Studying Presbyterian and Reforming Christianities

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 How should the story of Presbyterianism be told?

Presbyterian history is marked by conflict, which may be attractive when it produces stories of heroes resisting evil and folly, or repellent when closer study exposes the cost, confusion and compromise of complex events. The conflicted nature of Presbyterian history makes it interesting by its drama, but it also presents challenges if one seeks to do justice to its diverse caste of characters.

Many don't want to know about complexity or heroes with feet of clay or that being good or bad correlates poorly with truth and error. Of course there is good and evil, and there are attractive and unattractive personalities, but our task here is more about understanding than condemnation. We do have to do with human complexity as well as with simple profound verities.

Presbyterianism's sense of purpose has often been both a source of unity and a focus for division. Although I resist the idea that the church is primarily defined by its mission rather than a relationship with God (even if that is a cause I wish to champion); a sense of what we are called to be and do is an important key to our renewal as it is to our identity and history. Mission is not the only question we should ask of the past, but it is also closely related to  the story of the intention of the church in different times and places and the adventures and characters along the way.

Every generation has its own perspective. I seek to tell this story with both a global perspective and a special focus on places familiar to me: New Zealand where I live, Scotland where I studied, and Southeast Asia where I was privileged to teach. The story of the Celtic and Medieval Church in Scotland is included because I believe it is important for understanding the Reformed faith in Scotland and its renewal today, especially as Celtic spirituality leaps across the centuries to present us with its gift of worship almost from another world.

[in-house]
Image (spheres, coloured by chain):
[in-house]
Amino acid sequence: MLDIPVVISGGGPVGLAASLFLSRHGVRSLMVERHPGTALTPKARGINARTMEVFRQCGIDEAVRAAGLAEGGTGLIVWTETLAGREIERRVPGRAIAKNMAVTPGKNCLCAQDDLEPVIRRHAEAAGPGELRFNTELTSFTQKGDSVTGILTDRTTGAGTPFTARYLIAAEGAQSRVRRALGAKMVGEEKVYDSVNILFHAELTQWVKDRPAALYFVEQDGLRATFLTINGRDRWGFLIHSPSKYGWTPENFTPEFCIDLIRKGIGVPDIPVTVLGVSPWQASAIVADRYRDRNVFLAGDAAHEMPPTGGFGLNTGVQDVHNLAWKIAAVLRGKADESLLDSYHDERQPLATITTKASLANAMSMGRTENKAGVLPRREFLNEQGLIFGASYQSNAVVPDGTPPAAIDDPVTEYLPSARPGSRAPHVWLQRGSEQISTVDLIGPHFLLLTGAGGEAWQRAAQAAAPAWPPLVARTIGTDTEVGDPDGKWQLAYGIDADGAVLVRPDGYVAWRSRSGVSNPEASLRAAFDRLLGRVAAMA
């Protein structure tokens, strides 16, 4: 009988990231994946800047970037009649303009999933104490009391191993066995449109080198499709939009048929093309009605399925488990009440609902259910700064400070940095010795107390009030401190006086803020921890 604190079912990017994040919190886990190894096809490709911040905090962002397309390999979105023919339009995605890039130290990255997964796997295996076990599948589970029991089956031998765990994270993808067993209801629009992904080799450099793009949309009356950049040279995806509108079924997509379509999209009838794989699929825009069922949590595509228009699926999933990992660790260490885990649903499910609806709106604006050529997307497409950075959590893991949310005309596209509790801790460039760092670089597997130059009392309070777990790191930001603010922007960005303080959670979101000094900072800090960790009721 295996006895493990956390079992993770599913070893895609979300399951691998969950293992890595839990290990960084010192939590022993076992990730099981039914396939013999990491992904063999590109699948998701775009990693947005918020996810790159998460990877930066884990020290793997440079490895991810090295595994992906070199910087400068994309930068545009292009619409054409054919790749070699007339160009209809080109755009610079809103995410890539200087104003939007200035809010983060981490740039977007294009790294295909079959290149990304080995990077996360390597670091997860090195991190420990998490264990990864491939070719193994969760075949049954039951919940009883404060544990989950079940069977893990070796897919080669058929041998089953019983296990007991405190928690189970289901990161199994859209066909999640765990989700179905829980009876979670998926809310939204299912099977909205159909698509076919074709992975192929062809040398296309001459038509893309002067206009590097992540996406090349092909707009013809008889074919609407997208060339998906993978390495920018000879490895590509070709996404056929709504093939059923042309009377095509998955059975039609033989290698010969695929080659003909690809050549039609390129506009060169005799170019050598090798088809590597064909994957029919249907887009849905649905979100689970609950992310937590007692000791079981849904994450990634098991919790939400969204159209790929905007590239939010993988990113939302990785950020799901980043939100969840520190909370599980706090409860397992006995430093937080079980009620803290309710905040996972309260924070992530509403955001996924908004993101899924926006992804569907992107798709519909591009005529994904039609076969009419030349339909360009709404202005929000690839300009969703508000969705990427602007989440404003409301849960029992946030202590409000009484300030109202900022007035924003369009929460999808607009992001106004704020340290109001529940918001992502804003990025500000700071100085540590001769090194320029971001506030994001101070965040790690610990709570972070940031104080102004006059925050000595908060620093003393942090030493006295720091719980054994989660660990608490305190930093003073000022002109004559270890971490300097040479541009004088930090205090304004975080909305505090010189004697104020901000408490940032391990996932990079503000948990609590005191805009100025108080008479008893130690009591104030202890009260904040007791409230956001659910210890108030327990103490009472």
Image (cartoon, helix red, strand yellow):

The story is part of a wider Reformed story which includes other churches influenced by John Calvin and other Swiss Reformers, not all of whom were necessarily Presbyterian in organisation. These traditions include Congregationalists who are often now part of Presbyterian churches in New Zealand, Britain and around the world. Also Baptists, particularly those British in origin, who share more elements of Presbyterian identity than many realise. A good many Presbyterians today are Congregationalist in their polity and Baptist in their practice of initiation into the community of faith. This needs to be celebrated and understood if we are to deal with our ecumenical diversity within as well as what is without a once tidy system.

Of course it never was that particularly tidy - and the call to do things "decently and in order" can invoke the dated paradigms of the past not just the security and fairness of agreed process. Reformed Christianity emerged out of a turmoil of reinvention of what it was to be Christian. It has an era of foundations, shares with Christianity generally an era of becoming a global faith, and now faces issues of diversity and renewal. Each of those phases is important, especially as people seek the simplicity of the founding era in the face of complexities which are sometimes just the nature of the case in a fluid global era.

My aim is to see this story as fundamentally about the struggle in every generation to seek to know  worship and serve God as God intends in our time and to cope with different visions of what obedience to the mission of God means and requires. Faith always has an incarnation in a culture and is tested in a political and social environment.

We need to remember and understand past events, and use our imaginations to grasp something of the urgency and power of past visions. Yet we do not necessarily need to act out old battles and animosities in order to learn from the faith of those who came before us. The transference of anger and indignation between past and present can stir dangerous emotions. Every generation sees different heroes and villains in the past, and sometimes it is the peacemakers who failed and even the heretics who lost the battle (if not always the war) who today may be seen to have been guardians of a  truth we can now better appreciate.

If this seems strange, or even impossible, then there are many important examples of what it means to acknowledge the respect that is due to all those who helped make us who we are. The Old Testament itself often needs to be read this way. Lincoln's Gettysburg Address honours those who fought without reference to the side they were on. 

Being a historian is a high privilege, even if it sometimes means being the heretic in nearly every gathering, too often aware of inconvenient truths which bolder voices overlook.  Yet even historians never know it all and never know enough. We too do not always get it right. Yet if what we do know makes us more aware of God's patience with all of us, perhaps we will be closer to the saints of every age and tradition than we might dare or like to think.

John Roxborogh, March 2011